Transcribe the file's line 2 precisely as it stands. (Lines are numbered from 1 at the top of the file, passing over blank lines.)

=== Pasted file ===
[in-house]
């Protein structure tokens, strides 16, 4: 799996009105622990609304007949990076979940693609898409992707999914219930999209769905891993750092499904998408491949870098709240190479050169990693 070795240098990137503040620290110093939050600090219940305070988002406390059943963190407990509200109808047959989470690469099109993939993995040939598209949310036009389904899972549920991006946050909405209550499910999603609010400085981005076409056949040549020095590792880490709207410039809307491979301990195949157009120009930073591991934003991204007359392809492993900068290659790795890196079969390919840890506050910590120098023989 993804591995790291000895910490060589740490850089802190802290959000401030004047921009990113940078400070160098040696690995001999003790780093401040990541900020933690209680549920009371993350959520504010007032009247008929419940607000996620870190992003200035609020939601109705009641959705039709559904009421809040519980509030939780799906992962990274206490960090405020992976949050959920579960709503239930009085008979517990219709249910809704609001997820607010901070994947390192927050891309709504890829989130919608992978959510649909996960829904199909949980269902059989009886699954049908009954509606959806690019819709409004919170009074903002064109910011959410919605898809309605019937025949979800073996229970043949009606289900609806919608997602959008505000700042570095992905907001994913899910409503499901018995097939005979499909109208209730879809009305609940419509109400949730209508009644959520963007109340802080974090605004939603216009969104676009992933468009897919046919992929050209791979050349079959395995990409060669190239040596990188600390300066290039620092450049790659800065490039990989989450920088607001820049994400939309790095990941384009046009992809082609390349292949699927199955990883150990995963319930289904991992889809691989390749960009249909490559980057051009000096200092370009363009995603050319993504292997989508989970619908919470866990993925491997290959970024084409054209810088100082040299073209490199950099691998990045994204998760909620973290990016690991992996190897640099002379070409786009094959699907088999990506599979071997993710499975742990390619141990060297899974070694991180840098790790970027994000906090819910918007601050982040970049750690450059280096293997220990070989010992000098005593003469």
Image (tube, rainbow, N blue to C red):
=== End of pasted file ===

């Protein structure tokens, strides 16, 4: 799996009105622990609304007949990076979940693609898409992707999914219930999209769905891993750092499904998408491949870098709240190479050169990693 070795240098990137503040620290110093939050600090219940305070988002406390059943963190407990509200109808047959989470690469099109993939993995040939598209949310036009389904899972549920991006946050909405209550499910999603609010400085981005076409056949040549020095590792880490709207410039809307491979301990195949157009120009930073591991934003991204007359392809492993900068290659790795890196079969390919840890506050910590120098023989 993804591995790291000895910490060589740490850089802190802290959000401030004047921009990113940078400070160098040696690995001999003790780093401040990541900020933690209680549920009371993350959520504010007032009247008929419940607000996620870190992003200035609020939601109705009641959705039709559904009421809040519980509030939780799906992962990274206490960090405020992976949050959920579960709503239930009085008979517990219709249910809704609001997820607010901070994947390192927050891309709504890829989130919608992978959510649909996960829904199909949980269902059989009886699954049908009954509606959806690019819709409004919170009074903002064109910011959410919605898809309605019937025949979800073996229970043949009606289900609806919608997602959008505000700042570095992905907001994913899910409503499901018995097939005979499909109208209730879809009305609940419509109400949730209508009644959520963007109340802080974090605004939603216009969104676009992933468009897919046919992929050209791979050349079959395995990409060669190239040596990188600390300066290039620092450049790659800065490039990989989450920088607001820049994400939309790095990941384009046009992809082609390349292949699927199955990883150990995963319930289904991992889809691989390749960009249909490559980057051009000096200092370009363009995603050319993504292997989508989970619908919470866990993925491997290959970024084409054209810088100082040299073209490199950099691998990045994204998760909620973290990016690991992996190897640099002379070409786009094959699907088999990506599979071997993710499975742990390619141990060297899974070694991180840098790790970027994000906090819910918007601050982040970049750690450059280096293997220990070989010992000098005593003469």